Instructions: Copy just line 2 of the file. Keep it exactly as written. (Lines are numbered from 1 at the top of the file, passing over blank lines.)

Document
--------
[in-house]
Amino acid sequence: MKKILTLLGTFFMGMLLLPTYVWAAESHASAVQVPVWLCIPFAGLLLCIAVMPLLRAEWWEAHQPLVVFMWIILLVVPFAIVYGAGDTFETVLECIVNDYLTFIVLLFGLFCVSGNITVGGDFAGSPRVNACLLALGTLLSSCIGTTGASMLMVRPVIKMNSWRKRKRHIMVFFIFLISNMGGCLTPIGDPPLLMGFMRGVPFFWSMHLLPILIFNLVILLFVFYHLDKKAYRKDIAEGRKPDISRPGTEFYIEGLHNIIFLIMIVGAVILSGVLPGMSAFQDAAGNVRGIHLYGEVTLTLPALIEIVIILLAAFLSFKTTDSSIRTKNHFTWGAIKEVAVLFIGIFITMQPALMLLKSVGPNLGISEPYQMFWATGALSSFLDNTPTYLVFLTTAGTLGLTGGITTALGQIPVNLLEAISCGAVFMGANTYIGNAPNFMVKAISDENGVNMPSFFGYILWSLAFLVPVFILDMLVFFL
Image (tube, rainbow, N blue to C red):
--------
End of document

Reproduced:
Amino acid sequence: MKKILTLLGTFFMGMLLLPTYVWAAESHASAVQVPVWLCIPFAGLLLCIAVMPLLRAEWWEAHQPLVVFMWIILLVVPFAIVYGAGDTFETVLECIVNDYLTFIVLLFGLFCVSGNITVGGDFAGSPRVNACLLALGTLLSSCIGTTGASMLMVRPVIKMNSWRKRKRHIMVFFIFLISNMGGCLTPIGDPPLLMGFMRGVPFFWSMHLLPILIFNLVILLFVFYHLDKKAYRKDIAEGRKPDISRPGTEFYIEGLHNIIFLIMIVGAVILSGVLPGMSAFQDAAGNVRGIHLYGEVTLTLPALIEIVIILLAAFLSFKTTDSSIRTKNHFTWGAIKEVAVLFIGIFITMQPALMLLKSVGPNLGISEPYQMFWATGALSSFLDNTPTYLVFLTTAGTLGLTGGITTALGQIPVNLLEAISCGAVFMGANTYIGNAPNFMVKAISDENGVNMPSFFGYILWSLAFLVPVFILDMLVFFL